Gillil, Nikki. “How Nike Is Striking the Right Tone with Its Response to Covid-19.” Econsultancy (blog), April 15, 2020.

Hanbury, Mary. “Analysts Say Nike’s New CEO Choice Signals a Direction That Should Worry Some Mom-and-Pop and Department Stores.” Business Insider.

“Nike Leaps 11% After Results Suggest It’s Weathering Virus Era.” Bloomberg.Com, March 24, 2020.

Mobile Marketer. “Nike Offers Workout App for Free as COVID-19 Keeps People Indoors.” Accessed

Rival IQ. “What You Can Learn from Nike Branding Strategy,” March 16, 2018.


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Student comments on Nike: Just do it. Differently!

  1. It’s really cool to be able to see how Nike’s digital strategy is actually playing out during this pandemic. I am curious to see if these engagement / online sales numbers extend after the pandemic is over. Specifically, since online sales are increasing across the board at most ecommerce compnies, is this just a macro effect, or is it really because the digital apps that Nike has invested in is really helping to drive that growth? Another question I had was whether this growth will be sustained throughout the pandemic. It does seem that a lot of people were massively buying items especially in the beginning but as quarantine became more normalized, the buying has been shown to taper off. Will that especially be the case for sneakers since we’re not going outside as often now?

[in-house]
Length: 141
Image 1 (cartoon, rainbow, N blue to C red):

2. Interesting post! Thank you for sharing.

    I hadn’t heard of a lot of these initiatives – including the Living Room Cup, which is a great way for Nike to maintain engagement with its customers during the pandemic. Nike clearly is now generating far more data, via these digital channels, than they were before. I wonder how well equipped Nike is to take advantage of this data? It seems they have been building up their analytics capability over the past few years – with the acquisitions of data analytics companies Zodiac and Celect – so they’re probably well-positioned.

    I also wonder how they can maintain this data capture in a post-coronavirus world – I would love to see them use their digital ecosystem to support the in-store shopping experience (e.g., to instantly check stock). Given the acceleration in adoption of their digital ecosystem, due to coronavirus, the business-case for developing these features has become even stronger!

  3. Great post! I studied Nike’s data analytics, digital strategy and its ” consumer direct offense” for my last post:

    Indeed it has been working very hard on its digital strategy even before COVID happened and because of that infrastructure in place, they are able to reap benefits now. They are focused on collecting as much user information as possible to make their datasets robust for analytics. It is, therefore, crucial for them to remain connected with their consumers at this time when stores are closed so that they can continue getting information about them. These fitness apps are one great way of doing so.